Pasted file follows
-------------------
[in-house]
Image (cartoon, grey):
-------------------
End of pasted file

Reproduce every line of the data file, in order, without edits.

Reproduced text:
[in-house]
Image (cartoon, grey):